Alex Kaplan is an unconventional candidate in this year’s race for Associated Students Inc. president.
With no background in student leadership, he said he wants to represent students who aren’t the typical face of ASI.
Although Kaplan said he initially wanted to join student government to get priority registration, he eventually decided to run for president when he could no longer stand the tank top policy at the gym.
“I always thought the ‘no tank tops in the gym’ rule was stupid, and that was the one thing that upset me more than anything. I go to the gym every day and as toolish as it sounds, I would ask why I can’t wear a tank top and, ‘Why are you kicking people out of the gym?’” Kaplan said.
The gym’s policy has now become one of the issues he plans to address as president, in addition to communication with students, the noise and unruly gathering ordinances and healthier food options on campus.
After several attempts to set up an interview, the 21-year-old agricultural systems management junior walked into Linnaea’s Cafe to discuss his campaign to become ASI president. He had recently worked out at the gym and was hungry, he said. After looking at the menu, he said none of the dishes have enough protein and asked to walk to Natural Café.
As he walked, he said his daily exercise routine and high protein diet are all part of his training to become a Navy Seal after college.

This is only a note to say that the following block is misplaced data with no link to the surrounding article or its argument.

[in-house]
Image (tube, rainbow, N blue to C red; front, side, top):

“I don’t want to be sitting behind a desk like my dad and brother. I want to be doing something that’s more active,” Kaplan said.
He described growing up in San Diego and how he first decided to come to Cal Poly after speaking with his brother’s friend and considering his academic background.
“I messed around in school, so I didn’t have the best grades. I applied as an ag major and then planned to change to business. My freshman year, I tried to switch into political science but didn’t have the grades,” Kaplan said.
While he admits it does bother him how hard it is to switch majors and said that Cal Poly should not force freshmen to choose a major so young, he has chosen not to make this issue part of his platform.
Kaplan said though there are bigger issues plaguing students such as increased tuition, class size and furloughs, he would rather focus on what he thinks can be accomplished in a year.
Kaplan said he will begin with communication because ASI has been compromised of a selective group of individuals who are not necessarily involved in any other activities, they are unable to meet the needs of the student body.
“Those all tie into my thing that I want real actual change,” Kaplan said.
He said the downfall of ASI is communication; to correct this, he plans to use e-mail as a main source of outreach to students.
“I think the problem with Kelly Griggs this year is she worked a lot behind the scenes where she did a lot of good stuff but people didn’t know what was going on,” Kaplan said.
The unruly gathering and noise ordinances are just some examples he said Griggs could have handled better, by keeping students updated with the meetings and compromising less with the San Luis Obispo City Council.